It’s hard to fathom how a band with no social media presence has garnered over 3,000 monthly Spotify listeners, but Adjy has somehow pulled this off. Their unique, percussion-driven chamber pop is seemingly-niche, but it’s hard to deny the allure of a band with incredible talent and mystery alike.
What we do know is this: Adjy is fronted by Christopher Noyes who began a similarly-styled project a few years back titled Solia Tera. Solia Tera was in many ways similar to Adjy – the emphasis on unique instrumentation, like trumpet, vibraphone, and auxiliary percussion, earned comparisons to the defunct Anathallo. The recording were a bit raw and seemed to draw some vocal grit from pop-punk and emo bands of the late 00s.
For reasons unknown, Solia Tera translated into Adjy and underwent a bit of a change in sound. The group’s Grammatology EP, released on Flesh and Bone records, is all-but-hidden from the world (apart from YouTube videos). Its sound is crisper and more balanced; production is cranked up a few notches; electronic elements are out in full force. The band followed up with a two-song EP before signing to Triple Crown Records and releasing Prelude (.3333) in 2016.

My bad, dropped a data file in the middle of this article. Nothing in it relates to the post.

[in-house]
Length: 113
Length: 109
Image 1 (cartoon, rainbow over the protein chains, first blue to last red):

Prelude is a hefty release. At four songs, it manages to cover 24 minutes of content (close to a full album from a typical band) and is packed with cryptic and enigmatic lyrics which refer heavily to philosophy and the difficulties of meaningful communication. You’ll likely need a thesaurus, and possibly genius.com, to unpack some of the content here.
Musically, the EP is no less impressive – song structures are varied and progressive. Auxiliary percussion is the backbone of many parts, augmented by strong use of keys and synths, careful basslines, and a generally full sound.
Sadly, the group has been fairly quiet (apart from a few shows, including an Audiofeed performance in 2017), but they’ve set the bar extremely high with Prelude and fans certainly are craving more.